Figure 12. Harvest index of five selected hybrid and inbred rice varieties.

5. Conclusion

The hybrid rice variety, Tia showed superiority in respect of growth parameters like tillers hill-1(16.23, 21.34 and 21.45 at different DAT), leaf area hill-1 (78.67, 94.35 and 91.34 cm2 at different DAT), TDM hill-1(27.33, 56.00 and 84.00 g at different DAT), LAI (3.38, 4.91 and 4.72 at different DAT), CGR (41.90 and 39.4 g m-2 d-1 at different growth stage), RGR (21.95 and 13.85 mg g-1 d-1 at different growth stage), and NAR (6.9 and 4.8 g m-2 d-1 at different growth stage) over the rest varieties. Tia also showed the highest yield contributing characters like effective tillers hill-1 (16.38), panicle length (26.34 cm) grain yield (8.32 t ha-1), HI (49.91%) to the check variety, BRRI dhan 33 (10.05, 24.33cm, 4.36 t ha-1 and 43.17%, respectively). Results indicated that Tia and Shakti 2 produced higher biological yield (16.67 and 17.07 t ha-1, respectively) because of higher total dry matter production, net assimilation rate (NAR), crop growth rate (CGR), harvest index (HI) and finally they have 24.0% yield advantage over the inbred BRRI dhan 33. Tia was superior in Amanseason in consideration of growth and yield attributes among the afore-mentioned five hybrid and one popular inbred rice varieties.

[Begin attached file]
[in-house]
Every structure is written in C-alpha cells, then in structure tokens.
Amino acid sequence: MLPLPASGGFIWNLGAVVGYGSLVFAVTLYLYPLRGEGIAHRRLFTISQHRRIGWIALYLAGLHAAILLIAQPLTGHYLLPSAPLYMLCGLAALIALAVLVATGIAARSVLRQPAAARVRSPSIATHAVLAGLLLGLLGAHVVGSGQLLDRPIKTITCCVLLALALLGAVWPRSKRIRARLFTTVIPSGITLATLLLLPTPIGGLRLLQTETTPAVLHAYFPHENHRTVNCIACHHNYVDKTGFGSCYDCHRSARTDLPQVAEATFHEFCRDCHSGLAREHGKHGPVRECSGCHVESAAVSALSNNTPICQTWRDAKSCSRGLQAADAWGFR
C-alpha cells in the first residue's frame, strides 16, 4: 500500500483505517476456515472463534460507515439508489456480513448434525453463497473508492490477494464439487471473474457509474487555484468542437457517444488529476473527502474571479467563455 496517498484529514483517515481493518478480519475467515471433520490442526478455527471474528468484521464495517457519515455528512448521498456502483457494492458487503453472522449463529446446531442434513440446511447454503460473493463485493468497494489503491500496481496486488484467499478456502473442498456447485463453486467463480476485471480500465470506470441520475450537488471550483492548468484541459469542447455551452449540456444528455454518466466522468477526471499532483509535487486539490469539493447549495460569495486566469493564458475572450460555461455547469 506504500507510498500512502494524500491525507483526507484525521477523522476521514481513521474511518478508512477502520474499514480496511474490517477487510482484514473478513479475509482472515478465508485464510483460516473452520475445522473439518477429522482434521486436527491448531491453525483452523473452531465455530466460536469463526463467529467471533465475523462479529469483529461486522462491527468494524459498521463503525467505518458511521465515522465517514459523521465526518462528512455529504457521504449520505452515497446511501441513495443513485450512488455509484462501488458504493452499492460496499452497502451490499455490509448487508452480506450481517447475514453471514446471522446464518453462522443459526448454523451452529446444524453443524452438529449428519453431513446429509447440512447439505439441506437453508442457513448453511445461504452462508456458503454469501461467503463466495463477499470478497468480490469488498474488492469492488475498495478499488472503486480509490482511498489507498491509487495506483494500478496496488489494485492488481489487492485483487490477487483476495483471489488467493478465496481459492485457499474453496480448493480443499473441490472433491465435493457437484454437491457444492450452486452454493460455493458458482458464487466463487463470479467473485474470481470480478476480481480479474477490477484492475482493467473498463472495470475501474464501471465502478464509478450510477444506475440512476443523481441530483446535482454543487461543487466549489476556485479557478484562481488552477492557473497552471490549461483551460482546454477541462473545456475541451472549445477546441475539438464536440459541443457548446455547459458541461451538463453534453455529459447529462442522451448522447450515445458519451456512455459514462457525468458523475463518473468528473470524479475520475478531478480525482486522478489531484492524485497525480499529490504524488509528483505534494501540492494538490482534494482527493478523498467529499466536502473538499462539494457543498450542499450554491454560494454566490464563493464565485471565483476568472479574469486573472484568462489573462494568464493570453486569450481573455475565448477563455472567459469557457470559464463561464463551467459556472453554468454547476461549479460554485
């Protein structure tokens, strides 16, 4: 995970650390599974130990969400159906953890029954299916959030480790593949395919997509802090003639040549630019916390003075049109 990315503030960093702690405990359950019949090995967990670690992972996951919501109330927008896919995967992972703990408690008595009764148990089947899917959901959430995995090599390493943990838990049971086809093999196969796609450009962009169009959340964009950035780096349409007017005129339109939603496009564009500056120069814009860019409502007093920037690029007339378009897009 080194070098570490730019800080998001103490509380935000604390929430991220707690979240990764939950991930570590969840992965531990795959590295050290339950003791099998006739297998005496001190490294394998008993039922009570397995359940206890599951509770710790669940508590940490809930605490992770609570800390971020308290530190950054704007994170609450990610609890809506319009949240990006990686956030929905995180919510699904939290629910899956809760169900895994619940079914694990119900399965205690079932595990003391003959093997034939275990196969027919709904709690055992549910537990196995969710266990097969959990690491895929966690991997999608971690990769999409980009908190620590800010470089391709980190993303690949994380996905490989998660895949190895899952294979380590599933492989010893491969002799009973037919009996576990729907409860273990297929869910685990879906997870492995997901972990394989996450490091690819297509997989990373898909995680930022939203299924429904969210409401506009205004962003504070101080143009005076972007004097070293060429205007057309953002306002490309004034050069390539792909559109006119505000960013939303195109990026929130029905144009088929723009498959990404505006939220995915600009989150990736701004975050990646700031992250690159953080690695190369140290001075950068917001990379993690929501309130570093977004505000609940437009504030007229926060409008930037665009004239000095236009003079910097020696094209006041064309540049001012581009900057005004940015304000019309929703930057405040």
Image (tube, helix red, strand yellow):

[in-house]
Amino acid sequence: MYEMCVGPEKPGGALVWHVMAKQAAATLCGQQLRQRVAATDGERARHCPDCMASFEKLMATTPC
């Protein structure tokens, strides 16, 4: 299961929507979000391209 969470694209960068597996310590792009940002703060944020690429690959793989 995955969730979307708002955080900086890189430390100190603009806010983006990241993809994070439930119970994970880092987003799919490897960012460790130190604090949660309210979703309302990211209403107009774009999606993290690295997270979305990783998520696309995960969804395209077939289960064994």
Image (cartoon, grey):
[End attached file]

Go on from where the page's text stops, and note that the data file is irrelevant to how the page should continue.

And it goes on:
Acknowledgements

The authors are grateful to Kamal Uddin Ahamed (Sher-e-Bangla Agricultural University, Bangladesh) and Shengyong Wu (Institute of Plant Protection, Chinese Academy of Agricultural Sciences, Beijing, China) for their helpful comments on previous versions of the manuscript.